“Leaves of three, let it be. Leaves of five, let it thrive.” The first line of this rhyme, referring to Poison Ivy, is better known than the second. The second vine is Virginia Creeper, similar to Poison ivy in some ways, but with five leaflets instead of three — and much more welcome.
Late in September, Virginia Creeper is one of the most stunning plants in Eliza Howell Park.
Virginia Creeper is both a creeper and climber. It clings to trunks and drapes itself over dead and living branches, turning red or burgandy in contrast to the often green or yellow of surrounding plants.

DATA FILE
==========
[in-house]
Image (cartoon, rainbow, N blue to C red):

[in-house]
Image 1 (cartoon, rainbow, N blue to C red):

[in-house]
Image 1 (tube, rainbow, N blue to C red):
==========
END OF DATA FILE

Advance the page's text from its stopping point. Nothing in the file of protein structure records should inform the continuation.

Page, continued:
Though an aggressive grower capable of climbing large trees, Virginia Creeper is not considered a threat to the health and vitality of the natural environment. It is native to our area, a vine with which other native plants have long been compatible. (This map of its native range is taken from Ontario Wildflowers.)
Attractive as the leaves are in early Fall, for some viewers the appearance of the fruit is even more striking, dark blue berries on red stems.
While the berries are usually described as toxic to hunans, they do not last long after they ripen, eagerly eaten by both mammals and birds. Some 30 species of songbirds have been confirmed as comsuming them, Norther Flicker being one.
(Photo courtesy of Margaret Weber.)
Fall leaf season is now starting in Eliza Howell. Virginia Creeper is contibuting to an excellent beginning.